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This is how meditation sharpens attention and boosts brain health


side veiw of a woman meditating oudoors

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Meditation and yogic breathing practices are known to bring many cognitive benefits to us such as increased ability to focus on tasks among others.

But so far, no direct neurophysiological link between breathing and attention has been known.

Researchers from the Trinity College Dublin have now found this link for the first time.

Their research shows that breathing affects levels of a natural chemical messenger in the brain called the noradrenaline.

The study showed that when we breathe in, there is a slight increase in activity in the locus coeruleus and when we breathe out this activity decreases. This suggests that breathing influences our attention.

This chemical is released when we are focussed, challenged, emotionally aroused, curious or exercised. If this chemical is released at the right levels it will help the brain grow new connections.

This means that the way we breath affects the level of this chemical and leads to new connections in the brain resulting in better cognition and brain health.

Meditation and mindfulness practices both focus on breathing and it may be possible to use these interventions to strengthen our attention and improve brain health.

In this study, the researchers found that participants who focused well while undertaking tasks that demanded a lot of attention, had greater synchronisation between breathing patterns and their attention that those participants with poor focus.

To understand this, researchers monitored activity in a small area of the brain called locus coeruleus, where noradrenaline is made. They also measured breathing and reaction time.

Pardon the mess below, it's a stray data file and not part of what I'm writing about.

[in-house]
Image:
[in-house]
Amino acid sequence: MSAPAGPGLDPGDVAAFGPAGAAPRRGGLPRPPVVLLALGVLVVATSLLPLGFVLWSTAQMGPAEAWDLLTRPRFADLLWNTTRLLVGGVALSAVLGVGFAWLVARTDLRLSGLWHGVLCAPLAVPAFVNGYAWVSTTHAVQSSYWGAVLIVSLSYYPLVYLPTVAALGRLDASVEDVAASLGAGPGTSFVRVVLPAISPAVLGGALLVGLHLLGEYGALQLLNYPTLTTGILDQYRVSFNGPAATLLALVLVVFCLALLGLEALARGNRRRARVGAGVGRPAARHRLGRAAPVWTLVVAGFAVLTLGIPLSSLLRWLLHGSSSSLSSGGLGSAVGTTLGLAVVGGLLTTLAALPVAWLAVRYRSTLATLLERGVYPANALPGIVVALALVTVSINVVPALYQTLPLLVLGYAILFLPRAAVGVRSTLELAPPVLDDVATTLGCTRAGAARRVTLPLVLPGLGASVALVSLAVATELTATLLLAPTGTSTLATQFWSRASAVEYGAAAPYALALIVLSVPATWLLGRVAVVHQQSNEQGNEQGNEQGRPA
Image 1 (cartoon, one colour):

Noradrenaline must be produced at the right level at which our emotions, thinking and memory is clear.

When we are stressed, we produced too much of the chemical and can’t focus while when we are sluggish we produce too little of it and again we can’t focus.

The study showed that when we breathe in, there is a slight increase in activity in the locus coeruleus and when we breathe out this activity decreases. This suggests that breathing influences our attention.

By being able to regulate your breathing, you are able to optimise attention and likewise by focussing your attention level you can synchronise your breathing.

The findings of this study are particularly important for research on brain ageing.

As a brain ages, it loses mass but not so much in brains of long-term meditators.

It is known that mindfulness meditation strengthened brain networks and reduces the risk of dementia.

This research offers a possible reason why this happens – by breathing correctly we can control the brain’s natural messengers, which at the right level helps the brain grow new connections.

This is another reason why we should adopt a wide range of activities from exercise to meditation to boost brain health.

Meditation typically encourages us to focus on our breathing which helps us regulate it. As shown by this study, this leads to focussed attention, better cognition and stronger neural networks.

So why not take up meditation everyday if it enhances the health of your brain?

Source: Psychophysiology



 

Meena Azzollini

Meena is passionate about holistic wellbeing, alternative healing, health and personal power and uses words to craft engaging feature articles to convey her knowledge and passion. She is a freelance writer and content creator from Adelaide, Australia, who draws inspiration from family, travel and her love for books and reading.

A yoga practitioner and a strong believer in positive thinking, Meena is also a mum to a very active young boy. In her spare time, she loves to read and whip up delicious meals. She also loves the smell of freshly made coffee and can’t ever resist a cheesecake. And she gets tickled pink by anything funny!